Many parents rely on Facebook support groups for information about all things parenting – feeding, behavior, sleep development, potty training, and even car seat safety. With the influx of resources comes an overload of information, including “rules” or “guidelines” that sometimes aren’t based in evidence. One such example that has been floating around the interwebs is the idea that baby “should be developing a pincer grasp” to be ready for solids.

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This is simply untrue. A baby does not have to have mastered, or be developing, a pincer grasp to be ready for solid foods.

What’s more, a baby may develop an “emerging” pincer grasp early, but a true pincer grasp takes an extraordinary amount of fine motor skill on baby’s part. It does not fully refine in most cases until 10-12 months. We can’t wait until a true pincer grasp is mastered before offering food because we would be waiting too long.

This “pincer grasp” guideline found in circulating memes and graphics is not documented by any major medical group or health organization. To our knowledge, there is no data to connect this skill to baby’s readiness for solid foods.

Does a pincer grasp help baby eat small pieces? Absolutely. Is it helpful when baby can do it? Totally! Is it an important developmental skill? Yes! However, baby can still pick up larger pieces of foods, usually the shape of a strip or stick, around 6 months. They can also hold onto utensils!

Before we go any further, lets officially define a pincer grasp. The pincer grasp is when baby touches just the end of their index finger to just the end of their thumb to form a circle in her fingers. Many of the grasps that babies use as they develop a pincer grasp allow them to pick up smaller foods, but they’re not technically a perfect pincer until just the index and thumb touch at the ends. Since this is a sophisticated grasp/skill that takes months for babies to develop, it’s something that should not be a pre-requisite to offering solid food.

We of course want baby to begin to develop her pincer grasp so they can pick up peas, quartered grapes, beans, and rice, but don’t be discouraged if your six-month-old (or even your nine-month-old!) hasn’t mastered this skill. It is normal. Remember, a true pincer grasp does not emerge in most babies until 10-12 months.

So, how can you best help your baby develop pincer grasp and fine motor skills in general? Like most things developmental, specific skills build on one another in infancy and childhood. We want to promote baby’s skills early on and foster fine motor development so that baby is ready for eating all shapes of food, coloring, and eventually writing later in life.

No matter the age of your baby, you can do simple activities that help them eventually develop pincer grasp and more mature hand movements. Here are some developmental expectations and ways to help your baby with fine motor development, starting at birth. You’re probably doing a lot of this already – we just wanted to offer specific techniques that we recommend to our clients. Remember, all babies develop a little differently, so contact your pediatrician if you’re concerned about your baby’s progress.



  • Baby has a strong grasp reflex – they can wrap their little fist around your finger.
  • Their hands may open as you stretch out their elbows.

Family Activities:

  1. Touch and massage of both sides of baby’s hands, rub with a soft cloth to teach them the safe meaning of touch from another person.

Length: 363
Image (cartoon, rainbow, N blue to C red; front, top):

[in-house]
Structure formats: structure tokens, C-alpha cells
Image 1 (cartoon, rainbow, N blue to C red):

2. Gently stroke the back of your child’s hand to stimulate a reflex that helps babies uncurl their fingers. The sooner babies open up their fingers, the sooner hand play begins.
  3. Avoid use of infant mittens, as this can slow down hand to face and hand to mouth development. Many parents use mittens to prevent facial scratching due to how fast nails grow, but remember this: your baby was sucking on their fingers during pregnancy. They use that sucking activity to calm and regulate their heart and breathing skills. Allow them to self-regulate using sucking as often as you can.

1-2 Months


  • The grasp reflex continues.
  • Baby can hold an object in their hand briefly if you place it there.
  • Baby might try grabbing for a blanket – they practice opening and closing their hand.

Family Activities:

  1. Place Bright Starts Lots of Links “baby rings” inside your baby’s hand. Allow them to hold a variety of other toys that encourage touching textures and shapes for the development of the hand.
  2. Place your finger within your baby’s hand and allow them to squeeze and release. This is a great exercise for improve your baby’s awareness of their palms and fingers.
  3. Keep doing tummy time, chest to chest, and encouraging hands onto the floor or onto a caregiver's chest for hand development skills.

3-5 Months


  • Baby uses fingers in a grasp, but this does not involve the thumb yet. This starts as early as 3 months of age.
  • The grasp reflex disappears and is replaced by what is called sustained voluntary grasp. This is when your baby can purposefully hold onto something, like a teething toy, for a longer period of time.
  • Tiny hands begin to accommodate to the shape of an object.
  • Sensory tactile awareness within the hand/palm develops. This means that your baby becomes aware of the feeling of items in their hand (soft, hard, squishy, etc.).

Family Activities:

  1. Practice placing a variety of safe and developmentally-appropriate toys into your baby’s palm and watch as the middle finger (which is the strongest, followed by the ring and little fingers) maintains a grasp briefly. Release is then involuntary, meaning they can’t quite control it.
  2. Practice grasp and release skills with soft plush toys, plastic or wooden toys, and our favorite toy for use at this stage – the Skwish.
  3. While in tummy time, which is critical at this age, baby’s palms and fingers are pressing onto the floor and hands are opening, closing and getting stronger in this position.

6 Months

We recommend starting complementary foods around 6 months and when baby is showing readiness signs, including independent sitting on the floor. Follow your baby’s skills, and challenge her to do a more complicated food as they demonstrates readiness signs. For example, if your baby is trying to pick up smaller pieces of food, try cutting the food smaller the next time you serve it!